Lack of taurine in the diet causes serious eye and heart diseases to develop, such as dilated cardiomyopathy, which is a common heart condition seen in the Newfoundland. Cystinuria, another genetic disease found in the Newfoundland, can interfere with the absorption of amino acids.
Signs of a taurine deficiency.
There is no specific signs of taurine deficiency in dogs rather it is symptoms of DCM that usually appear.
What is dilated cardiomyopathy?
Dilated cardiomyopathy (DCM) is a disease of the heart muscle that results in weakened contractions and poor pumping ability. As the disease progresses the heart chambers become enlarged, one or more valves may leak, and signs of congestive heart failure develop. The cause of DCM is unclear in most cases, but certain breeds appear to have an inherited predisposition. Large breeds of dogs are most often affected, although DCM also occurs in some smaller breeds.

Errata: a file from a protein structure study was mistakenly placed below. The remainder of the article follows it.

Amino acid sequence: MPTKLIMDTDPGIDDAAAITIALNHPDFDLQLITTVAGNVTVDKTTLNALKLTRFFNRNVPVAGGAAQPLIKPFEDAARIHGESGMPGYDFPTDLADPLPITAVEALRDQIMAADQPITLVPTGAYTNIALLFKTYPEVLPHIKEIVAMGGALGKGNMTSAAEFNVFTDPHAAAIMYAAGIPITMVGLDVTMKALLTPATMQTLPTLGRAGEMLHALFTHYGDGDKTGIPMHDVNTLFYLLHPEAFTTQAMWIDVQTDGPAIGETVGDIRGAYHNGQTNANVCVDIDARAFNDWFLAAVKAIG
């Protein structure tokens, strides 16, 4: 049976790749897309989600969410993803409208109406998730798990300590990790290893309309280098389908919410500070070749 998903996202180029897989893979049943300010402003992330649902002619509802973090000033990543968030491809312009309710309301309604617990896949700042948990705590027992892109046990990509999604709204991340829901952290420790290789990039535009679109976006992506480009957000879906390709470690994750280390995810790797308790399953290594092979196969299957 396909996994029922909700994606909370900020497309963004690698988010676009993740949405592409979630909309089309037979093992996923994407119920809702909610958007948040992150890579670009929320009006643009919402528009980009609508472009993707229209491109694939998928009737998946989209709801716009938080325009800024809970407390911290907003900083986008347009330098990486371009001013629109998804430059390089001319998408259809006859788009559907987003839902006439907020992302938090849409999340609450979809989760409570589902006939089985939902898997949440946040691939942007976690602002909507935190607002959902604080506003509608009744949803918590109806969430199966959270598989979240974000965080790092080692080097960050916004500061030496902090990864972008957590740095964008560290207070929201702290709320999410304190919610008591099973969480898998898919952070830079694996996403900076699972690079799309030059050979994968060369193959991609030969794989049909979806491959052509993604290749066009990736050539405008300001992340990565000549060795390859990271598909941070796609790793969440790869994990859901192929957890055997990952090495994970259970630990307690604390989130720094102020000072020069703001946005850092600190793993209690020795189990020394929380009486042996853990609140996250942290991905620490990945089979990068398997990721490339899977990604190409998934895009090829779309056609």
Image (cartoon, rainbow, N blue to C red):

Symptoms of DCM
Symptoms of DCM often vary with breed and dog but can include:
- loss of appetite
- pale gums
- increased heart rate
- difficulty breathing
- periods of weakness
The Newfoundland and DCM with taurine deficiency
In 2003, researchers reported that some Newfoundland dogs had reversible DCM associated with taurine deficiency, and in 2005, another team published a report on a family of golden retrievers with taurine-deficiency and reversible DCM. Based on these reports, veterinary cardiologists recommended that taurine levels be tested in dogs diagnosed with cardiomyopathy, particularly if they were a breed not usually associated with the disease, or were an American cocker spaniel, Newfoundland or golden retriever.
In 2003 Dr. Backus found diet-associated taurine deficiency and cardiac insufficiency in more than half of a group of 21 privately owned Newfoundland dogs, which excreted extraordinary amounts of taurine in their urine.